In the the latest guy martin prog he tried to set fire to a lithuim battery, the newest generation ones  had some inbuilt tech that made them impressively un flamible


Guy explores the world of electric vehicles. Are they the future? Should you buy one?


Thinnk hydrogen may be future though as has energy density better than petrol



Battery energy density are very poor so  for range needs large heavy batteries.


Seem crazy  imo to carrying around massive batteries for 100 - 200 miles range when most journey are under 5 miles, and not very enviromental...

The Guy Martin programme was excellent in showing the pros and cons of current EV in an effective way, both at the vehicle and the systems level. It particularly highlighted the challenges of infrastructure. Just an observation (not a criticism), what it didn't do was to mechanically crush or pierce a cell. That would still induce a short which would set the whole pack off, even in a modern battery pack. That said, the risks are now relatively small. Any vehicle which carries its power on-board (unlike say a tram or an electric train) inherently carries a very energy-rich power supply and that means if it releases that energy faster than planned there will be fire/explosion. We accept this with hydrocarbon fuels so it isn't inherently worse than that, and is probably a lot better.


Hydrogen does have a lot of potential. There are some technical challenges to solve still. The two big questions are on-board storage and the debate over how to use it. Petrol has the high energy density per litre because it's a liquid, but liquefied hydrogen isn't practical as the boil off rate doesn't really work in small volumes. That means pressure cylinders. To store more you can increase the pressure but that means they need to be stronger, so you either use thicker walls (=heavier) or more exotic materials such as titanium or wound single fibre composite (=expensive). An alternative is metal hydride storage but it remains to be seen exactly what the weight penalty is at systems level. It can be used to power an internal combustion engine as a near-direct replacement for petrol, or it can be put through a fuel cell. The former is very straightforward but it is not zero emissions as it still releases nitrous oxides. At the moment, the debate over zero emissions vs. zero carbon emissions has not been resolved. Fuel cells are much more energy efficient (nearly 3x the efficiency) but they use platinum as a catalyst and at 100g/car the entire global reserves are only about enough to convert one continent.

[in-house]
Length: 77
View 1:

Re-thinking transport as a whole makes sense. We have quietly made a lot of changes during the pandemic with the huge rise in internet shopping and working from home. Hauling the vehicle itself around is a much higher energy cost than the payload so home delivery in loaded vans uses less energy per item than the weekly shop or trips to B&Q and not doing the daily commute helps hugely. These do have to be traded against the societal impact and the effect on mental health though (although that does rather depend on who your colleagues are I suppose!)



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Not read the whole thread, but since Nigg was mentioned in the first post;

There was an interesting programme on the telly tonight about Nigg 

It seems a huge number of local guys now aged 60-80 worked at Nigg at somepoint, lots of great stories you hear. The money was bonkers at it's height, weekly wage many times what you'd get in any other local work. Most of it probably spent on drink

! Sounds like to get a job all you had you do was turn up at the yard gates and pester them. Busses running from every town and village, 24hrs, 3 shifts a day



The story of how over 5,000 men came together to create oil platforms in the North Sea.


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Limited Market !!! 

Announcements such as this are a daily occurrence with the current wind energy boom in full swing, rather than limited the market is enormous. 


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What about a flying wind turbine




The strong wind speeds of Shetland are being used by an inventor to develop innovative technology to generate electricity using kites. Rod Read hopes to





Kite Turbines